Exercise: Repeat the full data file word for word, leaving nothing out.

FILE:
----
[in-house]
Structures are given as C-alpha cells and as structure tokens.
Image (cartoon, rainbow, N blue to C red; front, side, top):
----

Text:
[in-house]
Structures are given as C-alpha cells and as structure tokens.
Image (cartoon, rainbow, N blue to C red; front, side, top):